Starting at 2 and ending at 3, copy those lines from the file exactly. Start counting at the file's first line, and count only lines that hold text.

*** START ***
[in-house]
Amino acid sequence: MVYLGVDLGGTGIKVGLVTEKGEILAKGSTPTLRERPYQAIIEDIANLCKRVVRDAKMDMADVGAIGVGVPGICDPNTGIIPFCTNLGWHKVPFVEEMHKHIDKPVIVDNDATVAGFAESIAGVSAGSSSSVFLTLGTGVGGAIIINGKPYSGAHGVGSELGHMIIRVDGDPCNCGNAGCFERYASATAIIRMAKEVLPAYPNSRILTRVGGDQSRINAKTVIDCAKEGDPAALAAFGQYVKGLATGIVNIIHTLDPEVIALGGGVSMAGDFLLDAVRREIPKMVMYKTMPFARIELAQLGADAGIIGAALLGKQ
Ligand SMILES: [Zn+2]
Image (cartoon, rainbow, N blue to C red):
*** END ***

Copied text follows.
Amino acid sequence: MVYLGVDLGGTGIKVGLVTEKGEILAKGSTPTLRERPYQAIIEDIANLCKRVVRDAKMDMADVGAIGVGVPGICDPNTGIIPFCTNLGWHKVPFVEEMHKHIDKPVIVDNDATVAGFAESIAGVSAGSSSSVFLTLGTGVGGAIIINGKPYSGAHGVGSELGHMIIRVDGDPCNCGNAGCFERYASATAIIRMAKEVLPAYPNSRILTRVGGDQSRINAKTVIDCAKEGDPAALAAFGQYVKGLATGIVNIIHTLDPEVIALGGGVSMAGDFLLDAVRREIPKMVMYKTMPFARIELAQLGADAGIIGAALLGKQ
Ligand SMILES: [Zn+2]